Several years ago, Adobe made business news by sharing how their green building initiatives saved the company big money. Its San Jose headquarters facility includes three office towers that have received three LEED Platinum certifications. Over time, the company has reduced indoor water use by 22%, landscape water use by 76%, electricity by 35%, and natural gas by 41%. Now Adobe generates on-site energy with 20 Windspire small wind turbines by Mariah Power.
We all know design will do a lot of the work in making a building green, but technology is important, too. Over the past year, we've seen some interesting innovation in a broad category of articles we call building-related green technology. Solar innovation is hot, and small wind — albeit heavily scrutinized — is doing some things also. So, check out this retrospective on green technology in the built environment (click the text links for more images and information).
We’re starting to see a number of interesting products in the building integrated photovoltaics (BIPV) area of solar innovation. A company out of Grass Valley, California – Sun Energy Engineering Co. – has developed a low-profile solar shingle, or Sun Energy Shingle, to be used instead of roofing shingles or over existing shingles. It’s available in custom colors, too, depending on what kind of look you’re trying to get on the rooftop.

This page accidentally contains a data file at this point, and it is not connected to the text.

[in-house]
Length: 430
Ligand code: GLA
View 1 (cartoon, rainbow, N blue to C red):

In July, we mentioned a small wind turbine from Earthtronics and Honeywell and want to provide an update. We also have some newer images of what the actual turbine may end up looking like. The WT6500 Wind Turbine, referred to as the Honeywell Wind Turbine Gearless Blade Tip Power System, will be priced at $5,995, with early units available in select Ace Hardware Stores starting in February 2010.
According to a recent press release, a sustainable energy company called Beautiful Earth Group just unveiled this containerized electric vehicle (EV) charging station in Red Hook, Brooklyn. With a soaring array of photovoltaic panels, the BMW Mini E pictured runs exclusively on fresh, green power generated by the off-grid, modular station. You’ll note that the station just so happens to be built with recycled shipping containers, too.